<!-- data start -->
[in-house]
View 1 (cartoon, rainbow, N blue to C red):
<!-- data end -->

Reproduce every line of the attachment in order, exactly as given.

[in-house]
View 1 (cartoon, rainbow, N blue to C red):